I'm channeling an unlikely fusion of Andy Rooney, Jerry Seinfeld, and an imaginary NeoGAF forum poster with this one. Bear with me.
Did you ever notice that when it comes to video games, "4" seems to be an unusually good number? More often than we might expect, it's attached to games that innovate, transcend their predecessors, establish new standards of quality, reformulate a franchise, or fundamentally revitalize an existing genre. In other words "4" (more often spelled "IV") has proven to be a rather magic number in the brief history of video games.
Consider the cases of Ultima IV, Final Fantasy IV, and Dragon Quest IV. Each represents a significant milestone in the evolution of those franchises. Each revised its existing design formula in ways that pushed the RPG genre forward. You might say there was no looking back in these series after their 4th installments pointed the way forward. All three are also seen by many players as the very best games in these long-running franchises. "Best" is, of course, highly subjective, but I think most of us would acknowledge the exceptional quality and evolutionary impact of these games when they were released.
And then there's Mario. Super Mario Bros. 3, which is actually the fourth console installment in the Super Mario series, remains the gold standard of 2D platformers nearly 20 years after its release. Even if you disagree with that assertion, it's impossible to deny the extraordinarily high level of refinement this game brought to the genre, not to mention its plethora of mechanical, gameplay, and level design innovations. Lots of players prefer Super Mario World, and Super Mario 64 was probably more innovative, but in my book Super Mario Bros. 3 reigns supreme - that is, if I leave the incomparable Galaxy out of the equation. :-)
But wait, there's more!
- Metroid Prime
- Call of Duty 4
- Elder Scrolls IV: Oblivion
- World of Warcraft
- Civilization IV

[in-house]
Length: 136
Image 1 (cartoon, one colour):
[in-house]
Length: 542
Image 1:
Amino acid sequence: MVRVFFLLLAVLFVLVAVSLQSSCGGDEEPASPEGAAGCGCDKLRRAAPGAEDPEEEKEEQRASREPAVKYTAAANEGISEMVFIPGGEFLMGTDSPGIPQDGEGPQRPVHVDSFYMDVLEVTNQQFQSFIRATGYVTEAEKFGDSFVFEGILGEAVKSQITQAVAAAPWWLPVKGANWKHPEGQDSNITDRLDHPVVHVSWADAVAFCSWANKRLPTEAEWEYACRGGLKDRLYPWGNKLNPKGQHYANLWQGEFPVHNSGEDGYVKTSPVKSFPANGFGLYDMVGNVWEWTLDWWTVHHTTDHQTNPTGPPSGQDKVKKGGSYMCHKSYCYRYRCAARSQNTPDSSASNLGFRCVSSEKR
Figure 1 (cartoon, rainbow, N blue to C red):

- Metal Gear Solid
All are fourth installments of illustrious and wildly popular games series. Some are radical shifts (Metroid Prime and Metal Gear go 3D and World of Warcraft goes MMO); others elevate what already works, refining a complex system, adding significant features, and making big AI leaps. Each can be seen as a high water mark in the evolution of its franchise.
Of course, you might say every new entry in a popular franchise tries to move its series forward somehow, and that's often true. But I think there's something about "4" that seems to function as a sweet spot in the overall quality of many video games, and I'm curious about why that is.
By the way, GTA IV and Resident Evil 4 would have made the list, but neither is actually the fourth game in either series. I think Legend of Zelda: Ocarina of Time belongs on the list too, but only if you don't count Zelda II: The Adventure of Link, which is a side-scrolling RPG-esque game made by a separate team at Nintendo and often seen as the ugly stepchild of the Zelda universe. I think Ocarina helps confirm my "4" theory, but I'm not prepared to face the consequences of publicly jettisoning Zelda II from the canon for such a small victory.
Am I crazy? Did I omit other "4" games I should have mentioned? You tell me.